Nine Elms

The inaugural visit of the Group was to the Nine Elms area of south London, a maelstrom of new building activity of varying quality by big name architects. We were fortunate to have CEDu3a member Tony White as our guide as we braved the heat of this extraordinary summer on our journey westwards along the south bank of the Thames from Vauxhall to Battersea Power Station. We crossed the river over the Grade II* listed Vauxhall Bridge, with a fine view of Terry Farrell’s exercise in postmodernism, the M16 headquarters (1994).

At Vauxhall Cross we stopped briefly to admire Arup Associate’s elegant Vauxhall Bus Station (2005) (altready threatened with demolition?), before joining the riverside by Broadway Malyan’s huge St George’s Wharf development, a scheme that has not exactly received universal acclaim, apparently having been declared by the Architects’ Journal as the worst building in the world on two occasions. We crossed Nine Elms Lane passing Studio Weave’s Nine Elms Pavilion, fabricated from copper coated water tank panels, and featuring a raised garden.

Our next stop was the moated American Embassy built in 2017 to a design by architect Kieran Timberlake, with its distinctive high-performance façade of laminated glazing with an outer envelope of ethylene tetrafluoroethylene, designed to prevent excessive solar gain and mitigate glare while uniformly distributing daylight throughout the building.



We were now in the heart of the Nine Elms regeneration area where the privileged residents of Embassy Gardens (architect: Lee Polisano of PLP Architects) enjoy access to its roof garden and floating swimming pool – the Sky Pool.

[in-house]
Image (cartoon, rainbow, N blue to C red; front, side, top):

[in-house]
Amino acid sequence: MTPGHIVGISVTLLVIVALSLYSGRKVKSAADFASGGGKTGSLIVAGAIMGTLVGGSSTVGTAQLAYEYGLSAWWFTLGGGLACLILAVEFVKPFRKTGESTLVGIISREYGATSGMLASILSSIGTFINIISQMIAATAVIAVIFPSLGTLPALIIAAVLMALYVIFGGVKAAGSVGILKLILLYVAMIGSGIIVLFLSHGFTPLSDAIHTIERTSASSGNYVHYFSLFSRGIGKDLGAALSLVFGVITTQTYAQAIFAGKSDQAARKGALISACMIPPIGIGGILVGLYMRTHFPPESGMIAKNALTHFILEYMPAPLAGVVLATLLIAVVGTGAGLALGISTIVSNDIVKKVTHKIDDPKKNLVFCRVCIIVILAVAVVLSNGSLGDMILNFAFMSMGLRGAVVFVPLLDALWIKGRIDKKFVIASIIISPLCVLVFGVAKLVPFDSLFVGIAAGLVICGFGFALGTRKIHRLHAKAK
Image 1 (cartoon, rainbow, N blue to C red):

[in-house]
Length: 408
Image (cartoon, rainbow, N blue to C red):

It was time now to return to the river at Tideway Wharf to an extensive residential development by Rogers Stirk Harbour + Partners overlooking the river and dominating what is left of Tideway Village, three large houseboats moored in a tidal dock.
Our final stop for the day was the Battersea Power Station development, the heart of which is Sir Giles Gilbert Scott’s Grade II* listed decommissioned power station. According to Rafael Vinoly Architects, master planners for the project, the scheme “aims to create a mixed-use sustainable development offering commercial and retail functions as well as residential, cultural, and event spaces interspersed with community facilities and a zero-carbon energy plant for the adaptive reuse of the power station itself.” The firm of WilkinsonEyre is responsible for the refurbishment of the power station building. This has included the rebuilding of the iconic chimneys. There was lots to see here for tired legs, but one building commanded our attention, Prospect Place (by Gehry Partners), a seemingly lightweight wavy facade with enclosed balcomies, contrasting strongly with the majestic brickwork of the power station.